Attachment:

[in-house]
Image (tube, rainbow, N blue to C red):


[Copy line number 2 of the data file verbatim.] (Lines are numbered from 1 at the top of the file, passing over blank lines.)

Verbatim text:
Image (tube, rainbow, N blue to C red):